Effect of Light and Air on the Quality and Stability of Selected Vegetable Oils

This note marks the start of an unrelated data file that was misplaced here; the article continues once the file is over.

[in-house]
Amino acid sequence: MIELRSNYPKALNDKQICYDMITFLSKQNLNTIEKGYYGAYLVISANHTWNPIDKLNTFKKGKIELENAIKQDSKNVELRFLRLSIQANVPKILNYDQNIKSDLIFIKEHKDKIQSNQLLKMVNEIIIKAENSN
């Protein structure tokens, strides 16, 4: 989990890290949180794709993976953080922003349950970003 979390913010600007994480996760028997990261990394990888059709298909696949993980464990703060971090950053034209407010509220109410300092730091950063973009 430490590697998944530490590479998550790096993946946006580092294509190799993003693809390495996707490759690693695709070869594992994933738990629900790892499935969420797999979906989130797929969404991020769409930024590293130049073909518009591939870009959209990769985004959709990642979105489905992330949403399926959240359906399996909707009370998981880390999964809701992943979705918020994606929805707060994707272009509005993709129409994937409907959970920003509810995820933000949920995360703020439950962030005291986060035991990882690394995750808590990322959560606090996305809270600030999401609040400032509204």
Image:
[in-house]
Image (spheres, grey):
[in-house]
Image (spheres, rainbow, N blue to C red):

The quality and stability of industrially processed palm, sunflower and cotton oils as affected by light and air were investigated. The oils exposed to light, air and both light and air were analyzed for physicochemical properties of acid value, free fatty acids and peroxide value over a period of four consecutive days. Determination of the acid values (AV), free fatty acids (FFA) and peroxide value (PV) was done by titration method while the data analysis employed SPSS statistical software. Results show that the effect of light and air on the deterioration of oils is statistically significant (p<0.05). The effect varied from one type of oil to another where as light and air contributed about 50:50 to the oil instability. The estimated marginal means of deterioration of the oils exposed to light and air were in the trend; sunflower > cotton > palm oil. Palm oil (saturated) showed higher stability compared to cotton and sunflower oil (unsaturated) that supports the argument that saturated oils are more stable to oxidation that unsaturated oils. This study recommends that the small scale oil sellers to purchase small packs of oils to avoid prolonged exposure of the oils to both light and air.